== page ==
The new, old Pinehurst is ready

Apr. 15, 2014 @ 05:33 PM

Pinehurst Resort's famous No. 2 course has hosted two outstanding U.S. Opens in the last 15 years, including one which provided a conclusion as fresh in the minds of fans of the game as if it happened yesterday.

This June's two U.S. Opens, as Pinehurst No. 2 will become the first course to host the two U.S. national championship tournaments in back-to-back weeks, will be the worldwide showpieces for the historic restoration No. 2 has undergone in the past four years.

The project will make this year's Opens closer to what legendary course designer and Pinehurst resident Donald Ross would recognize as his true work if he were able to step into his backyard and onto the third green. In some ways, Pinehurst No. 2 this June will resemble the course as it was for the 1936 PGA Championship rather than it was when Michael Campbell won the 2005 U.S. Open or when the late Payne Stewart won in 1999.

Beginning in meetings — which included the USGA — in 2008, then physically on the course in March 2010, the design team headed by course architecture team Bill Coore and Ben Crenshaw and Pinehurst's Director of Grounds and Golf Course Maintenance Bob Farren turned the course back to how Ross used the Carolina Sandhills terrain.

Pinehurst No. 2 opened in 1907. Ross, a native of Scotland, designed or more than 400 courses in the U.S. from 1900 until his death in 1948.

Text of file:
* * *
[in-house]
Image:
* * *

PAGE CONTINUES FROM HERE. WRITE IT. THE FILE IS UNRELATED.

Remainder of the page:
Ross lived beside Pinehurst No. 2's third green, constantly working on and perfecting the course.

The redesign team used a host of sources.

"The idea has been," said Farren during a tour of Pinehurst No. 2 Monday morning, "to restore the course to what we feel Donald Ross's intentions were."

Research included aerial photos from 1943, archival material from Pinehurst and the Tufts Archives and communications to and from Ross — although, Farren said, there wasn't as much written about Pinehurst No. 2 as golfers might initially think.

"(Ross) lived here and worked on it personally," Farren said, "so it became a challenge because there wasn't as much written communication ... he was here, so he didn't have to send communication to someone, say in Cleveland, who was working on one of his courses."

The restoration work is into its fifth year and, while Pinehurst No. 2 welcomed golfers again in March 2011 and will make American golf history in June, their is no "completion date" to the project, Farren said. The effort to return the course to "its natural work" — for the sake of how the course looks and how it plays — is constantly ongoing.

Undulating greens, greens which sport false fronts, steep backs and more slopes which can run a seemingly well-played iron into grass bunkers, back down the fairway or into bunkers or natural sand areas, will be of a test which creates, "psychological wear on players over 72 holes," Farren said.

Fast, hard, possibly penalizing greens are typical for U.S. Open championships, though. No rough for a U.S. Open will be a sight to see.